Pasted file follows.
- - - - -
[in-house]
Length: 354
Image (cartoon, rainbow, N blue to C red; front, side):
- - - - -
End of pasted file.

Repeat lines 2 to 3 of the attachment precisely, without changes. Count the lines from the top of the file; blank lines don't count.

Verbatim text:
Length: 354
Image (cartoon, rainbow, N blue to C red; front, side):